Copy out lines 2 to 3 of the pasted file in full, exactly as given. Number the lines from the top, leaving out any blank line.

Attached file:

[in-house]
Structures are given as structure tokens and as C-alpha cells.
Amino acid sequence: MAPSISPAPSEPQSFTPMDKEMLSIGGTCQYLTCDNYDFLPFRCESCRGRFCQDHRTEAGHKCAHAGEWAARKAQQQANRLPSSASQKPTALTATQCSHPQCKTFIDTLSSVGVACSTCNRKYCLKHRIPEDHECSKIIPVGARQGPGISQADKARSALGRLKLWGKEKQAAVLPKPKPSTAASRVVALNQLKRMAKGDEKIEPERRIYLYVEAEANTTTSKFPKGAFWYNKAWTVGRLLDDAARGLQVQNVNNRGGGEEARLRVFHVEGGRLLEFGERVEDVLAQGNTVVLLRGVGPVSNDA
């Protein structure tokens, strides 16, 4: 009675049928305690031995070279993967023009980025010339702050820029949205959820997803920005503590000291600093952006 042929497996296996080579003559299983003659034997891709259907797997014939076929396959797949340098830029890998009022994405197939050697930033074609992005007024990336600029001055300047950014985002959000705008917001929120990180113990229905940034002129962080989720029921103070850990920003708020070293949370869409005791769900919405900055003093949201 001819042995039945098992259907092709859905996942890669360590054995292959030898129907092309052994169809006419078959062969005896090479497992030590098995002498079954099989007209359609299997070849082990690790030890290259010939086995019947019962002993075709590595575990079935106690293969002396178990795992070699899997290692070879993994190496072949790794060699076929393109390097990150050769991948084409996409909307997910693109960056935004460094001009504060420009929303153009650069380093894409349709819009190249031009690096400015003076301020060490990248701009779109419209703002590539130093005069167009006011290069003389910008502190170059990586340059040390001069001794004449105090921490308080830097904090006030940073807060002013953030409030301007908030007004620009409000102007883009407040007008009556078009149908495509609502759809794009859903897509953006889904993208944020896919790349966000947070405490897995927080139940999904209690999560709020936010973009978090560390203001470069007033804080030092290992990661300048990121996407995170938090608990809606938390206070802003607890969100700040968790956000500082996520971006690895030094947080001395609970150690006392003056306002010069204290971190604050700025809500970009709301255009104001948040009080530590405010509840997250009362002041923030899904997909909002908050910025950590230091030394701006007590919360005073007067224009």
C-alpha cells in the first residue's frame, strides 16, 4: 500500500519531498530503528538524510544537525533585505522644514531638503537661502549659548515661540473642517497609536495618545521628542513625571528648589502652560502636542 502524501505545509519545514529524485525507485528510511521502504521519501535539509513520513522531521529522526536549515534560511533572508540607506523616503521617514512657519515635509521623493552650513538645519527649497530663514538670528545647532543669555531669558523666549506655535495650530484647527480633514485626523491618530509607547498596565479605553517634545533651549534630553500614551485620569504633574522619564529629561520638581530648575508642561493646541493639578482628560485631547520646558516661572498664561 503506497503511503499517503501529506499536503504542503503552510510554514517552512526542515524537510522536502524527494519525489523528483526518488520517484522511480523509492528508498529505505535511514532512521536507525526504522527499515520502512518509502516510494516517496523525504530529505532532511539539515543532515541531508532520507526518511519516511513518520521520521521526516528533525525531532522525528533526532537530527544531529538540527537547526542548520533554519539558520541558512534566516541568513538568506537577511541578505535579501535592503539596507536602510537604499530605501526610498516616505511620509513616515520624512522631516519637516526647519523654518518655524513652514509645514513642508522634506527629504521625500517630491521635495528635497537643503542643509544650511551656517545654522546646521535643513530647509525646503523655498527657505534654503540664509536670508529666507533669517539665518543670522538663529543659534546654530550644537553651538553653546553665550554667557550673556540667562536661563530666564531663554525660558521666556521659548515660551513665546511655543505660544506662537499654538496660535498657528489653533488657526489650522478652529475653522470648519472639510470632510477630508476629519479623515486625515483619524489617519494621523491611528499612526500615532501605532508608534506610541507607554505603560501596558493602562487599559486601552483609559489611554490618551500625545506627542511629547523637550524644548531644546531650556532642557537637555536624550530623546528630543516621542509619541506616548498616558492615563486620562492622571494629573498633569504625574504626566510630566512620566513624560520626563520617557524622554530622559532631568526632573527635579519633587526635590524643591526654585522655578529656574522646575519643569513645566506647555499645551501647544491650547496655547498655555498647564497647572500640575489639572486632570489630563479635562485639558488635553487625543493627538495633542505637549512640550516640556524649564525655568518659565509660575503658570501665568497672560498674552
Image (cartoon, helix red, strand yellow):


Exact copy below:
Structures are given as structure tokens and as C-alpha cells.
Amino acid sequence: MAPSISPAPSEPQSFTPMDKEMLSIGGTCQYLTCDNYDFLPFRCESCRGRFCQDHRTEAGHKCAHAGEWAARKAQQQANRLPSSASQKPTALTATQCSHPQCKTFIDTLSSVGVACSTCNRKYCLKHRIPEDHECSKIIPVGARQGPGISQADKARSALGRLKLWGKEKQAAVLPKPKPSTAASRVVALNQLKRMAKGDEKIEPERRIYLYVEAEANTTTSKFPKGAFWYNKAWTVGRLLDDAARGLQVQNVNNRGGGEEARLRVFHVEGGRLLEFGERVEDVLAQGNTVVLLRGVGPVSNDA